Social media has taken its fair share of jabs at Chris Janes, including one that compared him to infamous Cubs fan Steve Bartman.
“I almost fell out of my chair laughing,” Janes said of the comparison between him and Bartman, who reached for and deflected a foul ball that left fielder Moises Alou had leapt for and appeared ready to catch during Game 6 of the 2003 National League Championship Series.
Bartman was ushered from the Wrigley Field stands by security guards as angry Cubs fans showered him with insults and vulgarities. He was placed under police protection for a time when his name and address were made public on Major League Baseball message boards.
Of course, a comparison to Bartman is mild compared to some of the criticisms lobbed at Janes, vice president of the Evergreen Park Athletic Association, who filed the initial complaints that ultimately led Little League International to strip Jackie Robinson West of its title.
Janes has been branded a racist and, like Bartman, required police protection at his home after receiving death threats and other intimidating phone calls minutes after JRW was stripped of its title on Feb. 11. Others accused him of sour grapes because JRW defeated the Evergreen Park team 43-2 in four innings.
Janes has not returned to work after his employer decided his presence might present a safety threat.
“They’ve been super supportive,” Janes said of his employer.
Bartman has eluded the public eye in the years since the incident at Wrigley Field. Janes, on the other hand, has fulfilled countless requests for interviews and has not been shaken despite criticism from leaders of the black community, including Jesse Jackson and the Rev. Michael Pfleger among others.
“It just got really convenient to point the finger this way,” Janes said. “It’s deflection.”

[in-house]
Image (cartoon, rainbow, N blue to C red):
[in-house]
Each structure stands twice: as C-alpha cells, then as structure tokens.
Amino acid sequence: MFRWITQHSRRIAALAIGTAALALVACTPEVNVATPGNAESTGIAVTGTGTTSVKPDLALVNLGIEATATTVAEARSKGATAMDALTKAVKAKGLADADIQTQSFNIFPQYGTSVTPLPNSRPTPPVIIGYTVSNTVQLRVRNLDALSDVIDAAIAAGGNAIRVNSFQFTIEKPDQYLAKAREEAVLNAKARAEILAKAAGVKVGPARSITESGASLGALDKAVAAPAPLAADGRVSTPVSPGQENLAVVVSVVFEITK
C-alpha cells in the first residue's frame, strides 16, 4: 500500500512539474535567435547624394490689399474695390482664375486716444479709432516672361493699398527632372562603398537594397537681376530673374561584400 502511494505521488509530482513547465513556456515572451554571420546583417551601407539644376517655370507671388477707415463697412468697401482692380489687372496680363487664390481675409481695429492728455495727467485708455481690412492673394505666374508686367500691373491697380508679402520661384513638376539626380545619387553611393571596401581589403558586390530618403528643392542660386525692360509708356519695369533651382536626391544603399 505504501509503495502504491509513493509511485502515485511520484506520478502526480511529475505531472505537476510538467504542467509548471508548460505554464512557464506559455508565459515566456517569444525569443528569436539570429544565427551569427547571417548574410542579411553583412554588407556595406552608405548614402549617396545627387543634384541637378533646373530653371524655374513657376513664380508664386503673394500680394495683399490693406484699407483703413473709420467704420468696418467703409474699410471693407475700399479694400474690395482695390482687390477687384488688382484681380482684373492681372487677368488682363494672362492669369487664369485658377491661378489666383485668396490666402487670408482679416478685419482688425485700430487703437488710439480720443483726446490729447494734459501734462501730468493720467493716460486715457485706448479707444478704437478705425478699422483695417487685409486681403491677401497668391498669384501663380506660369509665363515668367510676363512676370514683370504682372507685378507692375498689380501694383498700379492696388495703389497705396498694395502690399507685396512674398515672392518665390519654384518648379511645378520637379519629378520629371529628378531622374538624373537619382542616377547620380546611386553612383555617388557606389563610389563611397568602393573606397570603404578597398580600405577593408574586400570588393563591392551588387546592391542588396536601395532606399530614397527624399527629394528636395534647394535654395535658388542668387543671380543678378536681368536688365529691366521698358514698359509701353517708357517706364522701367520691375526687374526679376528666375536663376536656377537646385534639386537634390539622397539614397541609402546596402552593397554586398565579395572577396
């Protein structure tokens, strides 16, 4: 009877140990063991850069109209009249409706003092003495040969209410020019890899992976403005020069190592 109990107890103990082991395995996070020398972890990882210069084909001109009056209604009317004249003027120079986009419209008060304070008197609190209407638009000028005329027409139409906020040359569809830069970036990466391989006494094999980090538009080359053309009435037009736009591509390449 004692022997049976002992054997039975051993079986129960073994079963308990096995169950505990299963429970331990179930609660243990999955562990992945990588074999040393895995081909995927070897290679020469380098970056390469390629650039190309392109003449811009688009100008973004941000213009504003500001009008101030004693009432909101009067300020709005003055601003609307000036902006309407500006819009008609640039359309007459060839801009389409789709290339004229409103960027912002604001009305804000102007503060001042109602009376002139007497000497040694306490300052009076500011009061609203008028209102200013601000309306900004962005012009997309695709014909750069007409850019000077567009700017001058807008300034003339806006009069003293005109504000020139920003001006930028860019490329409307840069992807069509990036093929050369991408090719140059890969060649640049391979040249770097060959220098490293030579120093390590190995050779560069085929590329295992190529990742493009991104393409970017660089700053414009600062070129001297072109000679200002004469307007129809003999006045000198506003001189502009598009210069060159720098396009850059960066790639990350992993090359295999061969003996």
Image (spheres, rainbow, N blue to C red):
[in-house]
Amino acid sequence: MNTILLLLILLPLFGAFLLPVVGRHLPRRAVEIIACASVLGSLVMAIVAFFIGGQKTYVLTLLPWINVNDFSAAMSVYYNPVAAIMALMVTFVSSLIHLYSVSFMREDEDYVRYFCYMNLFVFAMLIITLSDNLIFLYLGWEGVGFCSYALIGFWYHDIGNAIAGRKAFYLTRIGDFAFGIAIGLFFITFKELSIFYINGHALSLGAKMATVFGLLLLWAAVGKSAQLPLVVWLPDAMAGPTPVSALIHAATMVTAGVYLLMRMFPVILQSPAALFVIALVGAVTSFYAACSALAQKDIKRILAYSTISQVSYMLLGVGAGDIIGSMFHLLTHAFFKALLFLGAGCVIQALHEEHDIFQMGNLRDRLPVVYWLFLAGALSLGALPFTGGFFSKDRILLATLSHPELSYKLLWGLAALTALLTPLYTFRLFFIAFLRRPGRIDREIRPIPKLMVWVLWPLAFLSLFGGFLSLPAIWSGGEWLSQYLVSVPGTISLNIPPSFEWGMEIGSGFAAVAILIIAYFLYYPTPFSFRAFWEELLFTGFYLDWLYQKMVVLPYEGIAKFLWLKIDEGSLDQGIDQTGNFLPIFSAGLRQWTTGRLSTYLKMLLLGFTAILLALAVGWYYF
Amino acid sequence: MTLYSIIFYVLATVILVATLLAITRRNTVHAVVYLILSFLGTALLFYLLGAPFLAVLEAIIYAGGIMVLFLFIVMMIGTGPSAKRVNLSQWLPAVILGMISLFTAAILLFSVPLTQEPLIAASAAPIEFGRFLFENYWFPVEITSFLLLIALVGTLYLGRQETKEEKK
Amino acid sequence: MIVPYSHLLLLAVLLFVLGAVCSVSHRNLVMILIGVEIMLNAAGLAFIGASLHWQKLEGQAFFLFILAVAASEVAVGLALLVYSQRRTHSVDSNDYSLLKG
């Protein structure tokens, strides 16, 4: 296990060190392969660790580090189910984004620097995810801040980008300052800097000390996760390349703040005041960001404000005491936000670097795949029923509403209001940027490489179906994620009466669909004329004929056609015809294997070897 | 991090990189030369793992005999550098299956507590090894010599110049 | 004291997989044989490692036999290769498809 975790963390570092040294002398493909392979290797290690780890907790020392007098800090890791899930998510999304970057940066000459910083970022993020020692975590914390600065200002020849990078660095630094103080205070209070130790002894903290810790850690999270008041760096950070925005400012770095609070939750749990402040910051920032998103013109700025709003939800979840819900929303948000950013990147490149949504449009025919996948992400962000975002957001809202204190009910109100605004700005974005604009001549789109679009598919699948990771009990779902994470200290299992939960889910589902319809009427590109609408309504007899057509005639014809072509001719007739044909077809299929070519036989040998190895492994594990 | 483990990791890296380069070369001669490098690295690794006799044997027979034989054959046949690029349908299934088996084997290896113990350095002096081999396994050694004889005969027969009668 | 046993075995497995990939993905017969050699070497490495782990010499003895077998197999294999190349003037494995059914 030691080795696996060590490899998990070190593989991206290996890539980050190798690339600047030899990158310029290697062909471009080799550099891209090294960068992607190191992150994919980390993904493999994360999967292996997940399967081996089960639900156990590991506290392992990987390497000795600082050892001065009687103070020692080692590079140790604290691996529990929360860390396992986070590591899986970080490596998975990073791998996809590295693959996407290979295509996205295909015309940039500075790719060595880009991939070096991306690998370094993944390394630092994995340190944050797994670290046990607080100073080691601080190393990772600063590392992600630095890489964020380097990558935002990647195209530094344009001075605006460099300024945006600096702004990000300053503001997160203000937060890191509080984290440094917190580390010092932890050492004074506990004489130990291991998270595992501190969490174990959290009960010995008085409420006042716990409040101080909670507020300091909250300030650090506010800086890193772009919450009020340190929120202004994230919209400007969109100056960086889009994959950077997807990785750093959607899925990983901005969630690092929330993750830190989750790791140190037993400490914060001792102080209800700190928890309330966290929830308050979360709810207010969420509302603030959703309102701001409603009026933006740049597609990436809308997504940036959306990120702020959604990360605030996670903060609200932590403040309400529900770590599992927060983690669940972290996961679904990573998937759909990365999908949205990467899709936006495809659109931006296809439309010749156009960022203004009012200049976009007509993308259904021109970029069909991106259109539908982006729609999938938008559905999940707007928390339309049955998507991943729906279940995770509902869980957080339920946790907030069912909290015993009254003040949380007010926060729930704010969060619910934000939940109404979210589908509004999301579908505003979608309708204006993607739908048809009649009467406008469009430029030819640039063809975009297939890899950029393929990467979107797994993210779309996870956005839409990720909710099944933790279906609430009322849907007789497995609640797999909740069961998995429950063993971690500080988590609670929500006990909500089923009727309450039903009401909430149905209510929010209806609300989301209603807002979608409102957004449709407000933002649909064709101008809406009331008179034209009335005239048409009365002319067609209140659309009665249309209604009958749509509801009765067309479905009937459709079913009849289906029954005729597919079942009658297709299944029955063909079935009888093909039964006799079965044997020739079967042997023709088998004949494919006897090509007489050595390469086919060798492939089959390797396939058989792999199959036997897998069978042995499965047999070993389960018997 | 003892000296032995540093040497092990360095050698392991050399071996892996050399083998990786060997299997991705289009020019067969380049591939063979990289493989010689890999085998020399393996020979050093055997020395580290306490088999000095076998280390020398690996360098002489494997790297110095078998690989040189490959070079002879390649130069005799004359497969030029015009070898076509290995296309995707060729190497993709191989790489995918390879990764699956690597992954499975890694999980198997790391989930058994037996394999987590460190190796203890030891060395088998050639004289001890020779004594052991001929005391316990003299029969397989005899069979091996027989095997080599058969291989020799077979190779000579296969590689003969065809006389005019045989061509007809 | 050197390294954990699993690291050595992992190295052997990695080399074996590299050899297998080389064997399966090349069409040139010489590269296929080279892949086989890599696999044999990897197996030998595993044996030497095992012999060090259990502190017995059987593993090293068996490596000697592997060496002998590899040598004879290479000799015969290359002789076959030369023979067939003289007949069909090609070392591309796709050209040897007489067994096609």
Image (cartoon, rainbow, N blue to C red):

Little League International’s decision to strip JRW of its title was not the result of his initial compliant, Janes insists.
In fact, Little League officials initially ruled they were confident that JRW had met residency requirements and considered the issue closed. But in early February, officials met in Chicago with presidents from JRW’s sister leagues.
At that meeting, presidents from the South Side, Rosemoor and Roseland league said they did not approve any changes made to Jackie Robinson West’s 2014 boundaries that infringed on their territory, DNAinfo reported.
“Those guys are hiding in the shadows. They are really in a tough spot,” Janes said, adding that presidents of the sister leagues likely did not want to blow the whistle on JRW’s World Series run even though they were aware of JRW misdeeds.
“It would have been a lot more convenient for me if they’d done this sooner,” Janes kidded about the other league presidents.
Janes said the vicious remarks and accusations aimed his way have been limited to social media. Conversely, friends, neighbors and members of the Evergreen Park community “have been supportive,” he said.
He added that his children have not taken any grief for his decision.
“Kids are talking about it, but nobody has been abusive,” Janes said.
Janes may forever be connected with the Little League International investigation that led to stripping the Jackie Robinson West Little League team of its national title, but he seems at ease with that association.
“This is in line with our league’s core values,” he said.
In recent days, JRW officials have hired lawyers to investigate the decision to revoke the team's national championship.
"We are going to take our time, we are going to learn the facts," attorney Victor Henderson said last week at a news conference. "There is no talk of a lawsuit. There is not enough information yet."
"Until we know that the process for attacking the title was fair, aboveboard, transparent ... the story isn't over yet."